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Home - 13.10.2012 - Late Breaking News II

Late Breaking News II

Saturday, October 13, 2012, 09:45 - 10:00

Efficacy and safety of oral contraceptives as add-on therapy in patients with relapsing-remitting multiple sclerosis receiving subcutaneous interferon beta-1a: a multicenter, randomized investigator-run clinical trial

C. Pozzilli, L. De Giglio, V. Barletta, F. Marinelli, F. De Angelis, V. Gallo, V.A. Pagano, M.A. Bassano, M.C. Piattella, V. Tomassini, P. Pantano (Rome, IT)

Background: Several experimental studies have demonstrated the immunomodulatory properties of oestrogen, however whether oral contraceptive (OC) might affect disease activity in multiple sclerosis (MS) is debated. OC use has been related to an older age at onset of MS suggesting a protective effect, however, there is also evidence that OC may enhance the progression of the disease.
Objectives: To evaluate the efficacy, safety and tolerability of OC at different dosage of estradiol as an add-on therapy in patients who were eligible for treatment with s.c. interferon beta-1a (IFN).
Methods: In a multicenter study, 150 women with RRMS were randomised in a 1:1:1 ratio to one of three treatment groups: IFN beta 1a 44 g sc (tiw) only (Group I), or IFN beta 1a 44 g sc (tiw) plus ethilenestradiolo 40 mcg and desogestril 125 mcg (Group II), or IFN beta 1a 44 g sc (tiw) plus ethilenestradiolo 20 mcg and desogestril 150mcg (Group III), as add-on therapy for 96 weeks. The primary endpoint was the mean number of combined unique active lesions (CUA) on brain MRI scan at week 96, analysed using adjusted-poisson regression model in the ITT-protocol set.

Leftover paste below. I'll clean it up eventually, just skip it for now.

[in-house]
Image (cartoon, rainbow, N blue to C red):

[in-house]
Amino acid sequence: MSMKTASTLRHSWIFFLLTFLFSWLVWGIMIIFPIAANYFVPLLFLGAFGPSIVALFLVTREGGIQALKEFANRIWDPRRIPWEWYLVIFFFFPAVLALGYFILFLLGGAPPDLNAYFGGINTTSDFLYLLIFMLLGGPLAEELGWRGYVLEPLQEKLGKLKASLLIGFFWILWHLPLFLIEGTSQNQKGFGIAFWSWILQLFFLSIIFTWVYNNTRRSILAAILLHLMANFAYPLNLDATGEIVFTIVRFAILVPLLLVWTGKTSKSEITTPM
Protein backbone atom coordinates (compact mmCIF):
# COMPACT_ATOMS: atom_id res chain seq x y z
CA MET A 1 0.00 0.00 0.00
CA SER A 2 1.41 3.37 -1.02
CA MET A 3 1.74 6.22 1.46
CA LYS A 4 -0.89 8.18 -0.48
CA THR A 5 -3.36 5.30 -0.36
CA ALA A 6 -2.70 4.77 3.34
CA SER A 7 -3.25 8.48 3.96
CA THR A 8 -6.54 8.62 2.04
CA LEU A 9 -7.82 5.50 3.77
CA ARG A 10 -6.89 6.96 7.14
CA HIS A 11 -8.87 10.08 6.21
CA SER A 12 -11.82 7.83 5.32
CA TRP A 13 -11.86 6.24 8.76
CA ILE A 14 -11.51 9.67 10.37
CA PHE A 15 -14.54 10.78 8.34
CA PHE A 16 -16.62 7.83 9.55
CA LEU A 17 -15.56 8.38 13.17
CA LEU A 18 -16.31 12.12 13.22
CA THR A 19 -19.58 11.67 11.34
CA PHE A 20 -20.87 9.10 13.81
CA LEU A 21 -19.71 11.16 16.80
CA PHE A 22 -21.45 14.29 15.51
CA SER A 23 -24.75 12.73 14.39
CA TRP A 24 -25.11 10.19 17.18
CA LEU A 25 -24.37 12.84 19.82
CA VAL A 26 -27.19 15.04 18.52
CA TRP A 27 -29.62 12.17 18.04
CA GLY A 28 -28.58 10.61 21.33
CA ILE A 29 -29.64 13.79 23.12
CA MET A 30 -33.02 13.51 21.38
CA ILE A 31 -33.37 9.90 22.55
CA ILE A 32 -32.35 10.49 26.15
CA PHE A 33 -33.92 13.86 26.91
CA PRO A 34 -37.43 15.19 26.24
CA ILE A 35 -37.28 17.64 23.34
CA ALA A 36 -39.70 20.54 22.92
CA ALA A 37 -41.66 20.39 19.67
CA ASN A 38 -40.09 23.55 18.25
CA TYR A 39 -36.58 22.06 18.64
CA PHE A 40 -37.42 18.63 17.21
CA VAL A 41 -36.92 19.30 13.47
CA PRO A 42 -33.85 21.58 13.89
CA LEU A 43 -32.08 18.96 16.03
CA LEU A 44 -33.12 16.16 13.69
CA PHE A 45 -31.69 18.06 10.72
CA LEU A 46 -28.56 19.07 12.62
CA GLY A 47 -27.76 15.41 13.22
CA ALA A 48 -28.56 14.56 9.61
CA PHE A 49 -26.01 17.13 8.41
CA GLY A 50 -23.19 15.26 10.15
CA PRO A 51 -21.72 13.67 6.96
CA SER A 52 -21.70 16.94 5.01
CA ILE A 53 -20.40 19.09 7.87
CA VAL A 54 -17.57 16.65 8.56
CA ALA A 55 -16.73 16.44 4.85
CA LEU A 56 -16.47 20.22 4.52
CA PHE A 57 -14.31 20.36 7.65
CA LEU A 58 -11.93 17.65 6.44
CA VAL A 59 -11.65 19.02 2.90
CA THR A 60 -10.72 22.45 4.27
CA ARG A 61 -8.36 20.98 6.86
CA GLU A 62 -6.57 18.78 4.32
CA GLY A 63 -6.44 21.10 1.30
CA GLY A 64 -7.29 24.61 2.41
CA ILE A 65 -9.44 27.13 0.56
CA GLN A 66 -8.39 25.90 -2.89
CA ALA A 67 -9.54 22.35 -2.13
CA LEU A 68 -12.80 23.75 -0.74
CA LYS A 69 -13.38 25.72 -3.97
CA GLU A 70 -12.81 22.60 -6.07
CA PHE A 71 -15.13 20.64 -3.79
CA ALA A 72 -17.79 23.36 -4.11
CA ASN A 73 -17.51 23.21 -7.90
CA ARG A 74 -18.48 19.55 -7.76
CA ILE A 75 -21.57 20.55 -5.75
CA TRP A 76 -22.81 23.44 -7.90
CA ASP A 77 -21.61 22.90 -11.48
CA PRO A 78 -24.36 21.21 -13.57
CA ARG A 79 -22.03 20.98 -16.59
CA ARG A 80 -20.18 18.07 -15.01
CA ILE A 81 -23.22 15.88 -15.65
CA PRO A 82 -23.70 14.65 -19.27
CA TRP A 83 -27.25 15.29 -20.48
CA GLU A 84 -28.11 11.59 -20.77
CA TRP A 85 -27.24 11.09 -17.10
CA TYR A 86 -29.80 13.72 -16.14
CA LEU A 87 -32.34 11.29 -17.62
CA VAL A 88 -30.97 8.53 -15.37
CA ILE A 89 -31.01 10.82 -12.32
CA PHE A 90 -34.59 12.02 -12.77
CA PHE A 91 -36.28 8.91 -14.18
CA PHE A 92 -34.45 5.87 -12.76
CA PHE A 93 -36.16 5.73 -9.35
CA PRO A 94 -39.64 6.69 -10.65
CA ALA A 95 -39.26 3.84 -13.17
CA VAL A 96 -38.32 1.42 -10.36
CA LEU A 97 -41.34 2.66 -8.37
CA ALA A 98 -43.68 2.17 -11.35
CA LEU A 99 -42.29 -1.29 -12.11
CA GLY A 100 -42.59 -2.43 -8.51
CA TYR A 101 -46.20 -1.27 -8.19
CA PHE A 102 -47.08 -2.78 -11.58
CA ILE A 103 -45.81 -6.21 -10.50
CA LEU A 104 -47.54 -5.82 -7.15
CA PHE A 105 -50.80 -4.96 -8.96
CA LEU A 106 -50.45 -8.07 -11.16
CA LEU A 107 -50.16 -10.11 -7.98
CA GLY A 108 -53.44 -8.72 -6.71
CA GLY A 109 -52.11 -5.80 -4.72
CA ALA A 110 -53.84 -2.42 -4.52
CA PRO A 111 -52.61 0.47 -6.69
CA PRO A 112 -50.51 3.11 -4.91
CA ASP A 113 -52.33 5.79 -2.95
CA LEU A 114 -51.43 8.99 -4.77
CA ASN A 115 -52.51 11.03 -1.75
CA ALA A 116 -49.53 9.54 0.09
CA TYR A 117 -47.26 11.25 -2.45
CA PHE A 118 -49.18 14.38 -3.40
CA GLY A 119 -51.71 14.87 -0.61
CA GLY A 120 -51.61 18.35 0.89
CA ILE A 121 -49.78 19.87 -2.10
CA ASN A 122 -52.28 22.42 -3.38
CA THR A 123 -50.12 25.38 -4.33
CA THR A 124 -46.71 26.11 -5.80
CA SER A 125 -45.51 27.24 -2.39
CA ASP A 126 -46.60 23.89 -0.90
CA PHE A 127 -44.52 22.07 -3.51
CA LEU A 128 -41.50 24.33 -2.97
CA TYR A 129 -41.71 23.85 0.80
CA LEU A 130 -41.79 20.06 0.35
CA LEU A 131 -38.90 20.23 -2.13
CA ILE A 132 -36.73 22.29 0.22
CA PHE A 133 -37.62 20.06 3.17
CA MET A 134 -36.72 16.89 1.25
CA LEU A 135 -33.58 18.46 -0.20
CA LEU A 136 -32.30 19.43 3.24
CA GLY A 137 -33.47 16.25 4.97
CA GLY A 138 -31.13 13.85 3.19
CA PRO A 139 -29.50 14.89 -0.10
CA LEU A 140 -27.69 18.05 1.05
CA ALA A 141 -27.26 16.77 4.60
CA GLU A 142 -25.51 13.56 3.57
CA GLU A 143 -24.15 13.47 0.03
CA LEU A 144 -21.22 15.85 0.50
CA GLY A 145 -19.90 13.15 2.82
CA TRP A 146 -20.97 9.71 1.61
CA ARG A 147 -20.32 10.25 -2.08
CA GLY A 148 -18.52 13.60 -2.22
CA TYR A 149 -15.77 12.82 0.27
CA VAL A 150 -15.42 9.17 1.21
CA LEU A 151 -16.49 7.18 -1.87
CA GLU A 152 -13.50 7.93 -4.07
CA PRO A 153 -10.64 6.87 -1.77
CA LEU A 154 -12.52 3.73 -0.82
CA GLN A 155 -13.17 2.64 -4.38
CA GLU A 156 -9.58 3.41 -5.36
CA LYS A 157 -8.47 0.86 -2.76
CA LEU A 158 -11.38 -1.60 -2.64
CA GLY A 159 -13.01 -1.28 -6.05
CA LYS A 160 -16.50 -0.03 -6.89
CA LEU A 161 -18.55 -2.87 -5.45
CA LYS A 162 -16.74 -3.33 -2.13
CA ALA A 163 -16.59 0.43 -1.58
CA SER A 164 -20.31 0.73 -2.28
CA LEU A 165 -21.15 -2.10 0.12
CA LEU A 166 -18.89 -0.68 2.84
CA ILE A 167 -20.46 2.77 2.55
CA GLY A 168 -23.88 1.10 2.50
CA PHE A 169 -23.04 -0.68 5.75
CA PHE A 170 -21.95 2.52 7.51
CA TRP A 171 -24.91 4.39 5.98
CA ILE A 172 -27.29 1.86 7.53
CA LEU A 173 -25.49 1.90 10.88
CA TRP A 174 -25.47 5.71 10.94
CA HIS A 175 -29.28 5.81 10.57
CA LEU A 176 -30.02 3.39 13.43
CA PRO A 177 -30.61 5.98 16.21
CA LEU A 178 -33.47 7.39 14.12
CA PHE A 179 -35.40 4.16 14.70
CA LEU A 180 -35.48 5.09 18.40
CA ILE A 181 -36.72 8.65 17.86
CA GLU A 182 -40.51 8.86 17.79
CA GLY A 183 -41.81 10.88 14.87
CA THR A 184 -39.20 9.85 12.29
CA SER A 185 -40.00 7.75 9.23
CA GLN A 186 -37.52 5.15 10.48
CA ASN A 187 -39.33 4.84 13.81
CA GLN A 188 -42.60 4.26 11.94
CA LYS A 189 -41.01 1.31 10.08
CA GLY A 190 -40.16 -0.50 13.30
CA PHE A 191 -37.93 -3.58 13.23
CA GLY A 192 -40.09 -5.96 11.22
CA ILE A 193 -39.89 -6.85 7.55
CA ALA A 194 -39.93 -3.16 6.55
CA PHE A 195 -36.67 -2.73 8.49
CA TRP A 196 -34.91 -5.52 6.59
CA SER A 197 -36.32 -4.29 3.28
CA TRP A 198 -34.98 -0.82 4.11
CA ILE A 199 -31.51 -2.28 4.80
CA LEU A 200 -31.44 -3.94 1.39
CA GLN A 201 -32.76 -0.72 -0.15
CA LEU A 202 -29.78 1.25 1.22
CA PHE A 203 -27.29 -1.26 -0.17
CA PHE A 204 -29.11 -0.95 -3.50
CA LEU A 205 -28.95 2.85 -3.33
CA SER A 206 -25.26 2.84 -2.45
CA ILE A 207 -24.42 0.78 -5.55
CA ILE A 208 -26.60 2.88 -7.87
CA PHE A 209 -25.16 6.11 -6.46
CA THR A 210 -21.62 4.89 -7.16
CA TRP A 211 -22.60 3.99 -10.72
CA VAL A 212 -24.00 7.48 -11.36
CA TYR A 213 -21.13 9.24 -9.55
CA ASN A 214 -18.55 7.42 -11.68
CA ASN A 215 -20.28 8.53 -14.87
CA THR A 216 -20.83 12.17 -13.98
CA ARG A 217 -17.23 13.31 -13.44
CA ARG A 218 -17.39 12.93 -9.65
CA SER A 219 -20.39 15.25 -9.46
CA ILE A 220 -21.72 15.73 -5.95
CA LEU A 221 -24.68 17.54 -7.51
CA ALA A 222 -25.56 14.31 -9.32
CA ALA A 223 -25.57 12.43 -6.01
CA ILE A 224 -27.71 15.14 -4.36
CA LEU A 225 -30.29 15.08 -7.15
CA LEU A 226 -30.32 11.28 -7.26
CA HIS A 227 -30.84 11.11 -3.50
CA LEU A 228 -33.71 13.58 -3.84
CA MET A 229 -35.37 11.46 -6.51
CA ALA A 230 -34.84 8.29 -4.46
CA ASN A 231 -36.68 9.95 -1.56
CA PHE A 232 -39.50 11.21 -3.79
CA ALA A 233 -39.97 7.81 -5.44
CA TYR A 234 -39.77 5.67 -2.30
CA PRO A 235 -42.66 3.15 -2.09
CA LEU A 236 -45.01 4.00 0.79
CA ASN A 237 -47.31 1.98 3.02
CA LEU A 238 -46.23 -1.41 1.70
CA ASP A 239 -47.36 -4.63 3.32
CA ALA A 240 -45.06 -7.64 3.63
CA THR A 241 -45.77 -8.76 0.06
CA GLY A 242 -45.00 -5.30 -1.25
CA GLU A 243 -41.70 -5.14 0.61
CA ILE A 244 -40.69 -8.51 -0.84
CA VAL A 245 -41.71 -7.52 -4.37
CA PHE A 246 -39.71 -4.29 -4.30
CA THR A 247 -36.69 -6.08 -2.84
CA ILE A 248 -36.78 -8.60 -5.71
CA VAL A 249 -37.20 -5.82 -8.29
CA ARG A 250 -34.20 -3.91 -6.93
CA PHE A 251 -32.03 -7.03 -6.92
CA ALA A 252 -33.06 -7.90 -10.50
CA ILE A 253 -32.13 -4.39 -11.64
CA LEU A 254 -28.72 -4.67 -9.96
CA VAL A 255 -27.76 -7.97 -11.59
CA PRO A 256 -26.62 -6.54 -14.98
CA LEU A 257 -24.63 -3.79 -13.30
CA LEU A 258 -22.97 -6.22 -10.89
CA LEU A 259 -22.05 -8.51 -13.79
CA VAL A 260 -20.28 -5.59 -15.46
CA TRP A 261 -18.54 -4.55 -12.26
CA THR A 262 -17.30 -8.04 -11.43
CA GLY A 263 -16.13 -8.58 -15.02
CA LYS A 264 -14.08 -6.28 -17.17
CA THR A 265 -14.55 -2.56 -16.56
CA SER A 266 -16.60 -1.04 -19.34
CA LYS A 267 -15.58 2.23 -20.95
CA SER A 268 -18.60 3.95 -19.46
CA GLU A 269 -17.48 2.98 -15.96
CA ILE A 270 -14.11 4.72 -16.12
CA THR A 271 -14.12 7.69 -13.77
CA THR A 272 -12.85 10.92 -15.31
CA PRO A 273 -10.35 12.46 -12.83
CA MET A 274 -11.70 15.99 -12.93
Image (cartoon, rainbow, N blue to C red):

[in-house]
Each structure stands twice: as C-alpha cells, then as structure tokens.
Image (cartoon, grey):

Presence of enhanced brain MRI scan; total number and volume of new or enlarged Gd-enhancing lesions; total number and volume of lesions on T1- and T2-weighted MRI; annualised relapse rate (ARR) and proportion of patients free from confirmed EDSS progression, were secondary efficacy endpoints measured at weeks 48 and 96. Safety endpoints were evaluated from all completed trial visits, including the occurrence of adverse events (AEs) and adherence to treatment.
Results: Baseline characteristics were well balanced across groups. As compared to IFN beta only, the primary endpoint was reduced by 26.5% (p<0.05) in Group II, and 14.1% (p=0.239) in Group III at week 96.
Enhanced brain MRI scans at week 96 were less frequent in Group II than in Group I (p<0.05). No significant differences were detected among groups in the other secondary efficacy endpoints. AEs causing IFN beta treatment discontinuation were equally distributed across groups. Thirteen (26%) women in Group II and 12 (24%) in Group III discontinued OC during study period.
Conclusion: In comparison to IFN beta alone or IFN beta plus OC with low oestrogen dose, OC with an high oestrogen dose shows a beneficial effect on reducing MRI disease activity. The results support experimental work findings and suggest directions for future research in this field.

Carlo Pozzilli has served on scientific advisory boards for Novartis, Merck Serono, Biogen Idec, sanofi-aventis and Bayer Schering and has received funding for travel and speaker honoraria from sanofi-aventis, Biogen Idec AG, Bayer Schering, Teva Neurosciences, Merck Serono and Novartis, and receives research support from Merck Serono, Biogen Idec, Bayer Schering and sanofi-aventis. All other authors have nothing to disclose.